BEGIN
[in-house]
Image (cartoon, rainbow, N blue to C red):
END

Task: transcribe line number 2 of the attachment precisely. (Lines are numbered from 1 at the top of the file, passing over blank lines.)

Image (cartoon, rainbow, N blue to C red):